A Covid-19 Primer

A disclaimer: the author of this post has no medical background but it is hoped that this information may help our valued readers stay informed  and stay healthy.

An epidemic is defined as an outbreak of a disease that affects many individuals at once and spreads rapidly.  An outbreak is a sudden, often, unexpected escalation in the number of unexpected escalation in the number of instances of a disease.  An outbreak may occur in a particular community, geographical location, or across or across a multitude of countries.  A pandemic is a type of epidemic.  When speaking of a pandemic vs an epidemic, the former term is used to describe a disease that effects an entire nation or even the world at large.  An epidemic becomes a pandemic when it has spread over a large percentage of the population overall.  Pandemics affect a larger number of people and are usually caused by new viruses or diseases that have not been in circulation for decades or even centuries.

In a pandemic most humans have little or no immunity against the new disease causing many deaths resulting in much social disruptions and/or economic loss.  Corona viruses are a family of viruses that can cause illness such as the common cold, severe acute respiratory syndrome (SARS) and Middle East respiratory syndrome (MERS).  In 2019, a new corona virus was identified as the cause of a disease outbreak that originated in China.  The virus is now known as the severe acute respiratory syndrome corona virus 2 (SARS-COV-2).  The disease it causes is called coronavirus disease 2019 (COVID-19).  In March 2020, the World Health Organization (WHO) declared the COVID-19 outbreak a Pandemic!  Symptoms and sign of this new disease may appear two to fourteen days after the initial exposure and can include a Fever, Cough, Shortness of breath or Difficulty breathing.  Other symptoms can include tiredness, aches, runny nose and a sore throat.  Some people have even experienced the loss of smell or taste.

The severity of COVID-19 symptoms can range from very mild to severe and some people may have no symptoms at all.  As we all know by now, people who are older or may have existing chronic medical conditions such as heart or lung disease, are diabetic or have a compromised immune system may be at a higher risk of serious illness which are also seen in other respiratory illnesses, such as Influenza.  This new virus spreads from person to person among those in close contact (within about six feet or two meters).  The virus is spread by respiratory droplets released when someone with the virus coughs, sneezes or even talks.  The virus is also known to spread when a person touches a surface infected with the virus and then touches their mouth, nose or eyes.  This suggests that our main protection from the virus is surgical gloves and a face mask.  Is the mask essential, at the current time there seems to be a controversy, is its use more for to protect the user or the public.  It is possible the mask may be less effective as we still will inadvertently touch our face when adjusting it.  My own opinion is to continue with lots of proper hand washing (plain hand soap is very effective), and wear a mask if it feels right for you. As I am writing this, the WHO is now recommending the use of a proper mask.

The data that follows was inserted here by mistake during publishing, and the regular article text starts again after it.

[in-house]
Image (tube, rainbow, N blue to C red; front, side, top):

Here are some ways to manage stress and mental health: Read news only from a trustworthy source; develop an action plan; set limits on your media consumption to learn how fast an illness is spreading or how many people are getting sick, will only increase your anxiety, but it is helpful to stay informed.  Avoid the herd mentality, don’t jump on the bandwagon. stay aware that many people take action that doesn’t help and may cause harm.  Practice good self care, a balanced diet, plenty of sleep, and engage I leisure activities.  good self care also keeps your immune system healthy.  Seek professional help if your mental health is being impacted by the stress from the Corona Virus.

Regards,  Ranger


  1. Thanks Ranger. Excellent advice! Stay safe everyone.


    1. Ruth Anne, thanks for your comment. I also hope everyone stays safe.


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